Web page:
Eric Stephens, my friend, and fellow Oracle Enterprise Architect, recently blogged on the subject of “Tools of the Trade” of Enterprise Architecture. I was invited to the same podcast as he was, but could not attend. So, in absentia, I thought I’d add my two cents to his sage post:
There are several very good EA tools on the market, but each come with their own learning curve and, as Eric mentioned, there can be variance in usage across companies – ranging from no standardized EA-specific tools to adoption of one such as Troux.
Having said that, here are the tools that I think are basic / fundamental in an Enterprise Architect’s tool box and how they can be used (or at least how I use them). Idea is to embrace, but extend what Eric said.
Spreadsheet (such as, but not limited to Excel)
Capturing everything about the project such as organization structure, divisions, current costs, etc…). Once it is in the spreadsheet, it can be sliced and diced and, importantly, imported into the presentation software to make clear the facts that went into the current/future state positioning. Also key to making a business case for any initiatives to be undertaken.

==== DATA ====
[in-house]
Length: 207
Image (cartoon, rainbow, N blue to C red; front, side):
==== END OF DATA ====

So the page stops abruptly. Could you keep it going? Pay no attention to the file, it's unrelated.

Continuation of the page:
Presentation Software (such as, but not limited to Power Point)
Communication, communication, communication! Getting everyone on the same page through information roll-ups, diagrams and architectures is really at the heart of what we do. Yes?
Oracle JDeveloper / BPM
This is great for sketching out a business process in BPMN notation which (unless you NEED a L0 – L2 model) is a pragmatic way to flesh out current and future state business flows. The added benefit is that, with Oracle BPM 11g, Business Analysts and Developers can begin to collaborate on fleshing out your model once a business process automation project gets the go-ahead.
Sure, you have to download a development environment but, hey, it’s free and relatively easy to use tool.
Whiteboard Markers (such as, but not limited to Expo markers)
Nothing works better than getting people in a room and working through a particular topic in a collaborative fashion.
Hint from personal experience: make sure they are dry erase and not permanent.
Well organized file system (such as, well…you get the idea)
The more you do this stuff, the more you have a library of tried and true materials that are battle tested. Try to organize them well on your disk (or do what I do and catalog things in a spreadsheet with hyperlinks to the files – one of my secret tricks)
So, that is my story. But, I may likely not stick to it….